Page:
The University of Sarajevo (Bosnian, Croatian and Serbian: Univerzitet u Sarajevu / Универзитет у Сарајеву) is the largest and oldest university in Bosnia and Herzegovina, and is the oldest institution of tertiary education in the ex-Yugoslav states. It was originally established in 1531 as an Ottoman Islamic law college; the university in its modern, secular incarnation being established and effectively added to that in 1949. Today, with 20 faculties, three academies and three faculties of theology and with 30,866 enrolled students as of school year 2014/15, it ranks among the largest universities in the Balkans in terms of enrollment. Since opening its doors in 1949, 122,000 students received bachelor's degrees, 3,891 received master's degrees and 2,284 received doctorate degrees in 45 different fields.
It is now widely regarded as the most prestigious university in Bosnia and Herzegovina, and employs more than one thousand faculty members.
The original establishment of the University of Sarajevo dates back to the 16th century, as an Ottoman institute of higher education. It was called the Ottoman Madrasah of Sarajevo, a religious school teaching Islamic Law, i.e. Sharia Law and was recognized as a university in the confines of the Ottoman Empire, and the Islamic world. It co-existed at the time with several similar institutions (religious schools) held in Orthodox Christian and Catholic monasteries in Bosnia. In the Middle Ages, those were the only kind of educational institutions in Europe. Due to Bosnia's relative stagnation under much later Ottoman rule, the Ottoman Madrasah of Sarajevo lost this status in the late 19th century upon the country's annexation to the Austro-Hungarian Empire, effectively ceasing most education duties until 1949 when the modern University of Sarajevo was established.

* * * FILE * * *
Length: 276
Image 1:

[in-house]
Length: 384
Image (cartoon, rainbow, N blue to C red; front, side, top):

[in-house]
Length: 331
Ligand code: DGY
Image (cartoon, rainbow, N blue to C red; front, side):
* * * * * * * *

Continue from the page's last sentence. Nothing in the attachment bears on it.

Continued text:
Sarajevo is the leading political, social and cultural center of Bosnia and Herzegovina, a prominent center of culture in the Balkans, with its region-wide influence in entertainment, media, fashion, and the arts.
The city is famous for its traditional cultural and religious diversity, with adherents of Islam, Orthodoxy, Judaism and Catholicism coexisting there for centuries. Due to its long and rich history of religious and cultural variety, Sarajevo is sometimes called the "Jerusalem of Europe" or "Jerusalem of the Balkans". It was, until late in the 20th century, the only major European city to have a mosque, Catholic church, Orthodox church and synagogue within the same neighborhood. A regional center in education, the city is also home to the Balkans' first institution of tertiary education in the form of an Islamic polytechnic called the Saraybosna Osmanlı Medrese, today part of the University of Sarajevo.